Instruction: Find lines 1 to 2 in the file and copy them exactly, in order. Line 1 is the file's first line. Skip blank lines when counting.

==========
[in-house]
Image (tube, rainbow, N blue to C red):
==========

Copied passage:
[in-house]
Image (tube, rainbow, N blue to C red):